This month has seen another major company, Carillion, enter into liquidation. The CEO and CFO have exited the business. This corporate failure and their exits have drawn attention to poor incentive practices and brought their remuneration committee under significant criticism from investors who are calling for the executives’ incentives to be clawed-back. At this time of year, many companies are finalising the terms of their bonus and long-term incentive awards. Are there any lessons to be learnt from the criticisms being raised against the Carillion remuneration practice?
Investors are calling for the company to clawback £millions that have been paid to the CEO and CFO. One of the criticisms raised is that the outgoing CFO last year was paid a bonus and was paid it in cash when it should have been paid in shares. There was also relaxation in the clawback terms.
Roger Barker, Head of Corporate Governance at the UK’s Institute of Directors, has been reported as saying that the liquidation suggested a lack of effective governance, commenting that:
“There are some worrying signs. The relaxation of clawback conditions for their executive bonuses in 2016 appears in retrospect to be highly inappropriate. It does no good to the reputation of UK business when top managers appear to benefit in spite of the collapse of the organisations that they are responsible for.”
Companies do not plan to fail, but when they do it brings a spotlight on the remuneration decisions taken by the remuneration committees in those companies. We are seeing a number of firms changing their plans and policies in relation to malus and clawback:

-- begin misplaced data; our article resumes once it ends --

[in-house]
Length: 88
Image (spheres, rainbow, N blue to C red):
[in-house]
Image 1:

- Some are amending their plans to allow or require bonuses to outgoing senior executives to be satisfied partly or fully in shares so that if the company later fails or falters they suffer along with shareholders.
- We are also seeing more robust and extensive malus and clawback provisions being used. For the last 3 years, we have produced a report covering the use of malus and clawback in the FTSE 100. We have seen over the 3 years more companies having malus and clawback on both bonus and LTIP awards and a broadening of the triggers for their use. 3 years ago quite a number of the companies in the review applied either malus or clawback and had financial misstatement as a trigger. There are very few companies in our review with the minimum level of malus/clawback terms. We are sure the Carillion failure, will prompt some companies to review their triggers to make sure they are fit for purpose. Copies of our 2017 FTSE 100 malus and clawback report are available for clients – please contact us.
- Some companies only apply their malus and clawback terms to their executive directors, increasingly we are seeing them being applied to all recipients of their executive incentives.
- Companies are also ensuring their malus and clawback terms are enforceable around the world. A number of our clients have enforced their malus and clawback.
If you would like to discuss whether changes should be considered for your bonus and/or LTIPs or your Malus and Clawback provisions in light of the recent criticisms against the Carillion remuneration arrangements or, if you have any questions, please do get in touch. We would be pleased to be of help.
Janet and Matthew